Sparkle and shine
Child beauty pageants in Australia
By Julia Baird
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There’s nothing particularly remarkable about the adjectives used to describe the winners of child beauty pageants: pretty, beautiful, lovely. They can’t just be cute, though, these girls; they have to sparkle, shine, glow and glitter as they smile determinedly on stage, parents wringing hands in the wings. With all the torturous grooming involved – fake tans, capped teeth, false eyelashes, synthetic hair and thickly laid make-up – these pageants seem to be a parody of foolish, self-involved adulthood, and have little to do with childhood at all.
Which is probably why the debut of the Universal Royalty Beauty Pageant in Melbourne at the end of this month has sparked such a ferocious response from Australian psychologists and children’s welfare activists who decry encouraging young girls to aspire to a false kind of beauty while sporting borderline sexy clothes. Glamour should have no place in childhood – nor, of course, should sexiness. Indeed it is offensive to teach children to hurt themselves for display purposes, and to applaud them for looking nothing like their real selves, even if you do get an “ice-crystal rhinestone crown”, a teddy bear and a laptop if you win.
But what’s also fascinating about the reaction to the Texas-based group invading our shores is how much of the criticism is anti-American. As performance poet Kate Wilson, who spoke at one rally, bluntly told the Sydney Morning Herald: “I don’t want the American beauty pageant culture to come to Australia.”
It’s not an exclusively American phenomenon, though. Baby parades originated in the UK, and began in the prudish Victorian age. The man credited with starting the movement is art critic John Ruskin, who decided to host ‘May Queen’ festivals for young girls in the spring of 1881: the girl who would be made Queen was to be the “likeablest and loveablest”. The festivals quickly became competitions, where the prettiest and bonniest babies received prizes.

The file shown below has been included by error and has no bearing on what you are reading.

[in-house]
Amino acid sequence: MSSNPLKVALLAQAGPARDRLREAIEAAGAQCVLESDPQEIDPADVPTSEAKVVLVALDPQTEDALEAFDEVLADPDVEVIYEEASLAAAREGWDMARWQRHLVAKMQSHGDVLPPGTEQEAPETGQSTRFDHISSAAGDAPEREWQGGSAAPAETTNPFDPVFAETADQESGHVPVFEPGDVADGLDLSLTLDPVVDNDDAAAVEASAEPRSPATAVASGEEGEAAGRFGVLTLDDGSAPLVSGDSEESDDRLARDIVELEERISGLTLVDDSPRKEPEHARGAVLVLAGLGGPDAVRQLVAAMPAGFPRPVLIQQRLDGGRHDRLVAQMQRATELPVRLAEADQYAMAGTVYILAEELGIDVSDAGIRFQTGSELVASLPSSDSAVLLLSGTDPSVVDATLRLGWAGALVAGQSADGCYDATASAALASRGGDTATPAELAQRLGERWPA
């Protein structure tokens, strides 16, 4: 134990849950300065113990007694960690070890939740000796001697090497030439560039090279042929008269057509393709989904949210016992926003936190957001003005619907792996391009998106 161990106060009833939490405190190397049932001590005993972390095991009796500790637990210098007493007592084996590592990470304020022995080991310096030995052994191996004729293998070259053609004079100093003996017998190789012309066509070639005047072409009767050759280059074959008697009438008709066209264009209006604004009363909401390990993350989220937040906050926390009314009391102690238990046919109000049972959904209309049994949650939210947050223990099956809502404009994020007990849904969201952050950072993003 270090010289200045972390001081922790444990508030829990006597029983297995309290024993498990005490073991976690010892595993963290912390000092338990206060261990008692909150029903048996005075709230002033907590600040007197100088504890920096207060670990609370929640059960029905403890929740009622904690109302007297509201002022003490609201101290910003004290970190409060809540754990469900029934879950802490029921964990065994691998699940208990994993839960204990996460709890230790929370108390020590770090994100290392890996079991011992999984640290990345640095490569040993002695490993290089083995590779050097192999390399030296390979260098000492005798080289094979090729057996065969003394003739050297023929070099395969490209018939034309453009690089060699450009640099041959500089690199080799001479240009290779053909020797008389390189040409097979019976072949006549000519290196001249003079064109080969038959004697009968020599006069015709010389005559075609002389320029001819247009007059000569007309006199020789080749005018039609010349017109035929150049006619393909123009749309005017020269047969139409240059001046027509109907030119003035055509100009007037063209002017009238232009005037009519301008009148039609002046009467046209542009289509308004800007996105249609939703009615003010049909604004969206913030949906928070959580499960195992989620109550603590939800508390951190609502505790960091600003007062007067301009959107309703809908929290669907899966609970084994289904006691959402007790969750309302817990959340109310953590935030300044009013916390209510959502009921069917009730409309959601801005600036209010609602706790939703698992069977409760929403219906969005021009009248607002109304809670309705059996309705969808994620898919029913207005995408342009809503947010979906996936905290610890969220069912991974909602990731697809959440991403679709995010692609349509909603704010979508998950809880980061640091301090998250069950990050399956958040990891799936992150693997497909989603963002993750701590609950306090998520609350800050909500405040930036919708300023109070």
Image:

What’s creepy about these origins, given the nature of today’s pageants, is that Ruskin is suspected to have been a paedophile; biographers have argued over the allegations for decades and it is certain that his view of, and behaviour with, some young women was inappropriate. As was later revealed, Ruskin was so disgusted by the sight of pubic hair on his adult wife that he was not able to consummate his marriage.
No one knew of this then, of course. The baby parades were so popular that they quickly spread across the Atlantic to the US, where pageants have flourished ever since, especially in the South – although there was a marked decline in their popularity after the six-year-old beauty queen JonBenét Ramsey was murdered in 1996.
It was at this point that a serious debate about the sexualisation of children in the name of pageantry began. Were they sideshows or a sick excuse to doll up little girls to look like hookers? As the American media became saturated with eerie photographs of the coiffed, glamorous and innocent Ramsey in the mid 1990s, journalist Frank Rich reminded New York Times readers: “Pageantry isn’t a subculture – it’s our culture. But as long as we call it a subculture, it can remain a problem for somebody else.” And now it’s our problem, as Universal Royalty – guaranteeing participants television exposure, gasp! – is spreading to New Zealand and Australia. We should not have to argue for too long about the impact of high-profile shows that encourage toddlers to spray chemicals on their skin, wax their eyebrows, glue their bottoms into place and spend hours having hair extensions attached to their skulls. It’s shallow madness, given weight by a broader American culture in which one-third of girls in First Grade report being on diets, 12,000 teens get Botox each year and Abercrombie Kids market push-up bikinis for seven year olds. Anyone who has walked through a school playground knows an obsession with appearance gnaws at self-esteem. A 2005 study from the University of Minnesota found that childhood pageant participants were especially prone to body dissatisfaction and distrust of other people as adults.